A tool co-created by the mixed community is launched to help businesses operate online without alienating people who are not gender-conforming
The internet seems to like asking people what gender they are.
Registrations on websites that do not require users to self-gender are rare, whether for purposes such as online banking requiring identity confirmation or businesses simply taking the opportunity to collect some market research data.
For many New Zealanders, it’s a seemingly innocuous matter of ticking a box and moving on without a second thought – easy enough to do if one of the two options presented actually describes you.
But for gender-diverse community members, dealing with the dichotomous choice of male or female can prevent them not only from giving a correct answer, but also from feeling invisible and unseen.
For Quack Pirihi, a non-binary/takutāpui advocate for gender diverse communities, it can be a tiring daily reminder of the world that has no place for them.
“The other day a friend of mine was on TV, so I went to sign up for Three Now – and it was again,” they said – that ubiquitous drop-down forcing you to select a man or a woman.
The internet has been a place where people can experience parts of their identity that they are unsure of revealing in real life since its inception. But the move towards verified identities online may mean a shift, with websites asking people to dig up their birth certificates to prove gender assigned at birth.
A project launched today by Spark and rainbow mental health group OutLine Aotearoa aims to make the internet an inclusive place by giving businesses an online tool that creates code for website updates. that deal with gender more specifically.
The Beyond Binary Code provides businesses with the copy-and-paste HTML blueprint for a new website section after a questionnaire determining what gender data they really need to know – and whether gender is an important data point for them after all.
OutLine co-president Aych McArdle says it’s an easy way for companies to get a feel for the genre that may be new to them.
“People [may] don’t realize it, but they could alienate a potential audience by not acknowledging how sensitive this information is to some,” McArdle said. “The site can show the best way to navigate online and guide them to figure out what they really need.”
McArdle hopes the code can spark a change in the way businesses work online – a place where New Zealanders are spending more and more of their lives.
“The internet is a beautiful place. It’s both delicious and dangerous. It can be a place where we can escape, but it can also amplify oppression – like the effects of some comment sections on minority groups. We want to create a better Internet, where people of diverse gender identities can thrive.
McArdle recognizes the value of being recognized as who you really are on official documentation. It meant a lot to them when the Election Commission added gender-neutral titles in 2020.
“Receiving this physical mail with Mx McArdle on it gave me a great sense of gender euphoria. Also, it didn’t identify me or my housemates.
And it is a common problem experienced by people of various genders.
In a survey of non-binary participants conducted by Spark and OutLine Aotearoa, over 84% of respondents often or always felt distorted when sharing gender information online with a business or organization.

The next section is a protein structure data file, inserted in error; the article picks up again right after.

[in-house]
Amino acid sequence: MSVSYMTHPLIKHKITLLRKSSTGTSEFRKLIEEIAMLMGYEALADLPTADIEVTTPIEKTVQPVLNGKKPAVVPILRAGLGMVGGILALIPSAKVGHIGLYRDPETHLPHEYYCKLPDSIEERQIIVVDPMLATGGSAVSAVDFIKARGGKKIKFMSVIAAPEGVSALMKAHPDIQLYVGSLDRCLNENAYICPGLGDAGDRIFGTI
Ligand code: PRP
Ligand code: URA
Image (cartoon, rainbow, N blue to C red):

“It definitely creates a feeling of isolation and loneliness,” McArdle said. “Especially in times of Covid-19, when more and more aspects of life are moving online.”
And simple gestures like updating questions about gender data can also make good business sense, with the same survey showing that 89% of respondents say they would return to a company where they had a positive experience. by sharing gender-related data.
Meanwhile, half of respondents said they wouldn’t recommend a business to friends if they felt it misrepresented them.
Spark CEO Jolie Hodson said data plays a vital role in understanding their customer base, but if data isn’t collected or used properly, it could create negative experiences for the same customers.
His hope is that the tool will inspire companies to “build an Internet with richer and more sophisticated data landscapes that represent the diversity of Aotearoa”.
For many survey respondents, gender-inclusive options made them feel like they were seen and actually existed – in stark contrast to how they feel at other times.
“I think it’s really important to recognize that such a small action like including the pronouns them/them can have a huge impact on someone like me,” Pirihi said. “I feel seen and respected. It shows me that this company doesn’t just want my money, but really does have a space for me.
And while it might seem like a small thing to some people, the constant reminders of your identity having no space do add up – especially when you’re abused multiple times a day.
“I’ve often been asked why I need a checkbox I can identify with. And it’s not so much that the checkbox is going to be the keystone of my identity — my identity is much stronger than that,” Pirihi said. “But the constant reminder of feeling like you don’t have a place, like there’s no option to select, makes me feel whakamā.”
Pirihi stressed that these changes were neither new nor radical.
“We’ve always had these identities,” they said. “We just didn’t have the names to use or the space for them.”
The survey also outlined the top five ways companies could represent and engage with gender inclusively, according to respondents. They were:
- Ensure that all communications use gender-neutral language
- Provide gender-inclusive spaces such as changing rooms and bathrooms
- Make my gender data point optional
- Use gender-neutral/inclusive representative images in marketing and communications
- Explain to me clearly how and when my gender information will be used.